Wife of Moon
Berkley, 2004 (2004)
Reviewed by Theresa Ichino
his mystery features Father John O'Malley, stationed on the Wind River Reservation, and his friend, Arapaho attorney Vicky Holden. The two become embroiled in the murder of Denise Painted Horse, wife of a prominent businessman. Denise was active in the cultural life of the reservation and was as well known as her husband.
ather O'Malley is further troubled by the disappearance of the curator of the modest Arapaho Museum attached to the St. Francis Mission. Christine Nelson is newly hired, a treasure Father O'Malley had not expected to find, given the inadequate salary the Mission can offer. She is both competent and energetic. It is Christine who organized the highly successful Edward S. Curtis exhibit, the precious century-old photographs of Plains Indians borrowed from a larger museum. As Father O'Malley probes into her disappearance, he finds that quiet Christine has secrets of her own.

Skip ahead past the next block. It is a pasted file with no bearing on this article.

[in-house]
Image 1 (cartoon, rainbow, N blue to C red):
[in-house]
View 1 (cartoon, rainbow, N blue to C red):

oel skillfully interweaves the modern-day problems facing Father O'Malley and Vicky with the events of a century before. The crisis on the reservation has its roots in the past, and the author brings to vivid life the events of 1907. The author's note at the end gives a brief outline of Curtis's career. The photographer was real, and Coel's masterful incorporation of historical reality into her fictional story adds to a compelling and entertaining tale. She also makes clear, without overkill, the injustices and intolerance that First Nations people have faced and still face.
Wife of Moon
is well worth the read.
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